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Giving Birth Naturally

Conscious Choices Lead to Less Intervention by Meredith Montgomery

Labor and delivery is a natural process that can be enjoyed. “It’s not something to be afraid of,” says Mel Campbell, author of The Yoga of Pregnancy. “It’s a wonderful and beautiful experience. We need to remember that the body is designed for giving birth.”

Natural childbirth uses few or no artificial medical interventions such as drugs, continuous fetal monitoring, forceps delivery or episiotomies (cuts to enlarge the vaginal opening). According to the U.S. Centers for Disease Control (CDC), 32.7 percent of deliveries were by Cesarean section in 2013—most performed in situations where a vaginal birth would have posed a relatively low risk to the health of mother and child. Entirely natural childbirth is now rare here compared with other countries, but that wasn’t always the case.

In 1900, 95 percent of all U.S. births took place in the home. When birthing moved to hospitals in the early 20th century, midwives still typically handled the delivery in other countries, sometimes without a doctor present. But in America, obstetrics became a profession and a doctor-attended birth in a hospital was promoted as a safer alternative. By 1938, half of domestic births took place in hospitals, and by 1960 it rose to 97 percent. Currently, midwives attend less than 8 percent of births here, and fewer than 1 percent occur outside a hospital.

Natural labor and delivery in a hospital is possible, but “It’s hard to have an unmedicated birth in many hospitals if you don’t know your rights, understand your physiology and have a doula by your side helping you avoid unnecessary interventions,” says Ina May Gaskin, a pioneering midwife and author of Ina May's Guide to Childbirth. Key factors to discuss include fetal monitoring, intravenous tubes and the option to eat or drink during labor.

 Benefits of Home Births

Women choose home births and homey birthing centers because they labor there more comfortably, feel more in control of the process and can more easily avoid interventions. Many moms seek out a midwife’s services because they don’t want to repeat the conventional hospital experience that accompanied their first baby’s arrival.

When actress Ricki Lake gave birth to her second child in her home bathtub with the assistance of a midwife, she felt empowered by doing it on her own terms. “Giving birth wasn’t an illness, something that needed to be numbed. It was something to be experienced,” she says.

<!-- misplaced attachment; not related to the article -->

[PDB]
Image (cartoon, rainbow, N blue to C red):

When women let their bodies naturally lead, labor can last as little as 20 minutes or as long as two weeks, and the spectrum of pain intensity is equally broad. A healthy prenatal lifestyle that prepares a mom-to-be for a natural physical, emotional and spiritual experience of childbirth is highly beneficial.

Compassionate Self-Care

“Pregnancy’s not the time to overexert yourself; let go of the temptation to overachieve and instead practice breathing and mindfulness,” advises Campbell. “If you’re experiencing morning sickness try to embrace it and how it serves you. By doing so, you’ll be more in tune with your body. These lessons are gifts you can take with you into labor.”

She reminds women that the baby is always getting nourishment from all that mom eats and breathes, and also feeds off of her feelings and emotions. “The more we can feel at peace with ourselves and incorporate the baby into our being, the more we feel a connection and union,” she says. “It’s vital that you let your body’s innate wisdom be your guide and respect any cues it may give.”

Campbell guides expectant mothers through a yoga practice that embraces the changes occurring each trimester. For example, a more physical practice in the second trimester utilizes the surge of energy to build stamina and strength, while opening the heart, hips and pelvis.

Complementary relaxation techniques for labor include breathing practices, visualization, meditation and massage. When a mother isn’t connected to monitors and tubes, she’s free to experiment with positions and props such as balls, bars and pillows, plus a warm shower or bath. If a hospital birth is planned, Gaskin notes that labor often slows once a woman leaves the comfort of home, and recommends laboring at home as long as possible.

There is no way to predict the course of labor and delivery when women let nature take the lead. Campbell, a mother of three, says, “I tried to focus on the intention of what I wanted for my birthing experience, while also surrendering expectations, knowing that I would have whatever type of birth I was supposed to have.” She adds, “The breath is the most important thing—it keeps us in the moment, helps us to relax and supports us through labor.”

While the home birth option is important to America’s new generation of trailblazing women, it’s also significant on a macro level. Gaskin explains, “It’s hard for staff to change routine practices in hospitals but home births make innovation possible.” Home births demonstrated that women don’t require routine episiotomies and have shown how maternal mobility and position change can help labor progress and free badly stuck babies (earlier methods often injured mother and child).

Gaskin has found, “Wherever and however you decide to give birth, your experience will impact your emotions, mind, body and spirit for the rest of your life. No one should have a home birth who doesn't want one, but it must be one of the choices.”

Meredith Montgomery publishes Natural Awakenings of Mobile/Baldwin, AL (

June 2020




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